Quetzal, other artists celebrate ‘Cinco de Mayo’ at ELAC

By Lourdes Espinoza

 

An amusing blend of Mexican music and culture thrilled many at the Cinco De Mayo Festival as crowd enjoyed ‘aguas frescas’ with a side of mariachi music on May 7.

Vendors set up between the S1 and S2 buildings offered everything from food to arts and crafts.

Several small children from East Los Angeles College’s Child Development Center gathered around the bands and danced in unison with Chicano rock band Quetzal’s vocalist Martha Gonzalez as they began their set.  

An integration of Latin music and hip-hop performed by this year’s Grammy  award winners earned wide attention as the children were dubbed the “band’s little dancers.”

Whole Foods supplied snacks for all the children that attended the festival.

Other acts included Conjunto Hueyapan, Domingo 7 and the comical Mariachi Estrella de Jalisco who has played with celebrity figures like Cristian Castro and Marco Antonio Solis in the past.

During their set, they serenaded and reached out to the audience to dance.

Mexican art was a main attraction as attendees crowded around canvases displaying men on bongos and La Virgen De Guadalupe oil paintings by artist Manny Velasquez. 

Face painting was also available.

Local organization Mexa de East LA and the ELAC Entrepreneurship Club sold fruit and prepared tostadas de tinga-shredded pork or chicken.

Crafts booths like Crafty Frida sold handmade ecofriendly accessories including earrings and bracelets while artist Jake Prendez had prints and postcards for sale.

Event coordinator Professor Angelita Rovero Herrera said, “I always had a deep love for my roots and teaching Chicano Studies is my passion. In my classes, I always try to teach my students the importance of knowing where and what they come from so that we embrace our Mexican traditions and have pride in our Chicano culture.  I only hope to project the love of our ‘raza’ as a whole”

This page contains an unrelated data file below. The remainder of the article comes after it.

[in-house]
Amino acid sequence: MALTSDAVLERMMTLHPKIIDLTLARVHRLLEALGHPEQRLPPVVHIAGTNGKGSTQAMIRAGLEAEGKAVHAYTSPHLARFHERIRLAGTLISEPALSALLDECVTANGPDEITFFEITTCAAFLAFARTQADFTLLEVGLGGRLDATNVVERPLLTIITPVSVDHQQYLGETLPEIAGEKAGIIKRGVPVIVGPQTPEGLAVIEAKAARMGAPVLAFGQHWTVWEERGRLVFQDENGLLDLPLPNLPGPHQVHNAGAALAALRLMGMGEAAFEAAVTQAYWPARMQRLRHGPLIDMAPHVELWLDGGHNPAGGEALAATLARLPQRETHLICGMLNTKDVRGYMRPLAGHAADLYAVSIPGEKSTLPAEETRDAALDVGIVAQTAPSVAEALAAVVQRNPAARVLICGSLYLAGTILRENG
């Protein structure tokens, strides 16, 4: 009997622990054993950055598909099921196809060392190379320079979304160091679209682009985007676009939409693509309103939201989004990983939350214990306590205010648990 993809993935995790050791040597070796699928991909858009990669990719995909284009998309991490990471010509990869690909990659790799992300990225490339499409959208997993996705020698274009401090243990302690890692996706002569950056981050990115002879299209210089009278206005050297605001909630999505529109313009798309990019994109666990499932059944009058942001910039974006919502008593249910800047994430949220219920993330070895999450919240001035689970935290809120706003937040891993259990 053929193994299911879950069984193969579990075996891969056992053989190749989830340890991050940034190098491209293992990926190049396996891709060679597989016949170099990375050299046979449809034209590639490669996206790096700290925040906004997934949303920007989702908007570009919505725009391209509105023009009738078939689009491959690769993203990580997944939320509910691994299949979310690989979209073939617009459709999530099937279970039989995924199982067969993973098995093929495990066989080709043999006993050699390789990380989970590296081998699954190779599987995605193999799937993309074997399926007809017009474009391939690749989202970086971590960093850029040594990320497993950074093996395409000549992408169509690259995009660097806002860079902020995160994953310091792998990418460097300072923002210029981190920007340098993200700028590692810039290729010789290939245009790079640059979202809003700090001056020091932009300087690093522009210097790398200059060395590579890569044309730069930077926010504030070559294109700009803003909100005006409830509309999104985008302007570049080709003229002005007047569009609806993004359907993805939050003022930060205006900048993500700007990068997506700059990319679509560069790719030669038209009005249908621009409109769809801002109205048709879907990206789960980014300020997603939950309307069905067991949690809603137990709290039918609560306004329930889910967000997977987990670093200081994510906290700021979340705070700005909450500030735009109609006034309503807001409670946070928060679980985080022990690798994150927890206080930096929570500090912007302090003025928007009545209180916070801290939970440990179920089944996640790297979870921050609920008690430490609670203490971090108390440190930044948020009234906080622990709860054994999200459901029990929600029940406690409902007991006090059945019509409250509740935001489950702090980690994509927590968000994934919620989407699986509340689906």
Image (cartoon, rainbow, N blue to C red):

Goal achievement was promoted through Homeboy Industries who sold merchandise and spoke on behalf of their organization to better the lives of the formerly incarcerated.

Grassroots organizations such as Revolutionary Autonomous Communities-Los Angeles advocated healthy food, self-sufficiency and sold home-made soap and shampoo.

A man who chose to go only by Mauricio represented RAC-LA and said they selected ELAC as  its first booth location at an educational institution to spread the word to scholars who would be willing to consider an organization like RAC-LA.

He mentioned RAC-LA reached out to college students since they may have incentives to organize and get involved through knowledge acquired through many of the classes taught here.

Young students from the UCLA Community School, a kindergarten through fifth grade campus, performed keen interpretations of traditional Mexican folk dances while wearing colorful skirts, ‘sombreros’ and special shoes. The first traditional folk dance involved three young girls dancing as they balanced candles on their heads. Later in their act, the boys aligned to tap their heels in union as the group of girls paired up with them to conclude their dance routine.

Having taught Chicano Studies at ELAC since 2003, Professor Herrera was proud of the event she brought to life.

“I want our campus to have ongoing events for students to look forward to. Something that the ELAC ‘familia’ can look forward to annually, for student clubs to fundraise, to raise cultural awareness and invite the community to a day of festivities,” said Professor Herrera.

This free event was brought to you by the Associated Student Union, Whole Foods Market Arroyo and the Chicana/o Studies de ELAC.

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